World’s only migratory parrots in peril
WHEN WE THINK OF animal migration, images come to mind of great herds of caribou moving across the tundra or of the dust rising on Africa’s Serengeti under the hooves of thousands of wildebeest. But the true champions of migration are the birds.
Every year hundreds of millions of birds from massive storks and geese down to the tiniest hummingbird take to the wing on a journey into the unknown. The Arctic tern makes an annual pilgrimage from the Arctic Circle to the edge of the Antarctic pack ice and back again. And last year a ruddy turnstone (a dumpy shorebird about half the size of a chicken) was tracked on a 27,000 km round trip from Australia to Siberia and Alaska, at times flying for six days non-stop across the oceans.
This last weekend on World Migratory Bird Day (9 May), people gathered around the globe to celebrate the wonder of bird migration. Few would have had parrots in their thoughts, but here in Australia we have the world’s only two long-distance migratory parrots.
BOTH THE SWIFT PARROT and the orange-bellied parrot breed in Tasmania in the summer and then make their way across the treacherous waters of Bass Strait to spend winter on the mainland. Avoiding a chilly Tasmanian winter might seem like a good survival strategy, but it is fraught with danger. Along the way the birds must face the potential of bad weather blowing them off course, or, after arriving at their destination exhausted and starving, finding poor conditions and little food.
Sadly, both species of parrot are counted amongst our most threatened birds. There are multiple challenges when trying to conserve migratory species as the habitats they rely on aren’t confined to any one location. Migratory birds like these two parrots need good conditions not just in their places of origin and destination, but in all their stops along the way.
In Tasmania, the swift parrot nests in mature, hollow-bearing trees that are in close proximity to their preferred food source — the blossom of eucalypts such as the Tasmanian blue gum. The trouble is, the flowering of the trees on which parrots rely is patchy — areas that produce profuse nectar in year may not do so for another five, forcing the parrots to move around even within their breeding range. On the mainland the swift parrot usually heads for the woodlands of the interior of Victoria and the southern half of New South Wales but, in years of drought when the trees don’t flower, they are forced to keep on moving, sometimes so far north they cross the border into Queensland.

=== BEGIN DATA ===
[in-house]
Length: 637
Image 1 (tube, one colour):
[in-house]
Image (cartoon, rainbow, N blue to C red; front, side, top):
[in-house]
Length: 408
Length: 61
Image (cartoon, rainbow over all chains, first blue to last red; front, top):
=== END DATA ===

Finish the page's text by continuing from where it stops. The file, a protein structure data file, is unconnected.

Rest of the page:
FOR THE ORANGE-BELLIED parrot, available habitat is even more restricted. Now confined to one tiny patch of heathy woodland in the remote south west of Tasmania, the scraps of suitable coastal saltmarsh that they rely on to get them through the winter are stretched between Wilson’s Promontory and the Coorong in South Australia. Such is the struggle for the orange-bellied parrot that there are now less than 50 birds surviving in the wild, and it is predicted to be extinct within the next five years.
When one considers that neither of these beautiful green parrots is much longer than a willie wagtail, the feat of their annual pilgrimage is simply amazing. But if they are to be able to make their journey in the future, they, like the millions of other migratory birds, need our help to protect their various habitats.
We often hear about how we are all connected in this world; more than anything else in nature, the flights of migratory birds makes this connection real. Their journeys teach us that what we do in our patch can directly affect what happens in somebody else’s.
Sean Dooley is editor of Wingspan, the magazine of conservation organisation Birds Australia.
Gallery: Migratory birds of Australia